Alternatively, induction heating can be used to heat the metal screen bar. For example, an induction coil adjacent to the screen bar would induce an electrical current flow in the screen bar to cause electrical heating.

As other alternatives, other heating techniques, such as a hot air blower oven, could be utilized to heat the adhesive in each screen bar segment, for example. However, I believe that such a technique would be inefficient and cumbersome.

Another alternative to heating each bar directly would be to place each bar in contact with a hot surface such as a table or a heating block using conduction. This method is effective, but slow, because the thermal mass in the element and in the bar does not allow fast enough cooling.

Another alternative would be to provide a heating element along the length of each bar. This too, however, may be cumbersome, since the heating element would have to be the same length as the screen bar segments and physically moved away for further processing. In this alternative, the heat would be run through a heating block, for example, which would conduct heat into the screen bar.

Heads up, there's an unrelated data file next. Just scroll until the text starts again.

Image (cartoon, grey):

Once the adhesive in a respective screen bar segment has been heated to a temperature sufficient to melt, the heat is removed and, in this embodiment, the screen is rolled into the hot adhesive using a tensioning tool 250 including a tensioning roller 260 (which, in this embodiment, is chilled or cooled, rather than heated), by applying localized pressure to the screen, to tension the screen against a localized area of a tensioning step of a respective screen bar segment, while simultaneously cooling the adhesive in the localized area such that the melted adhesive flows and bonds to the strands of the screen in the localized area to secure the screen to the screen bar segments in the localized area. I have found that a sled may work, but may bunch the screen up when localized pressure is applied. Also, if the tool such as the roller is not chilled or cooled, the adhesive will stick to it. To prevent such sticking, it may also be necessary to coat the cooled tensioning tool 250 with a material such as Teflon (trademark).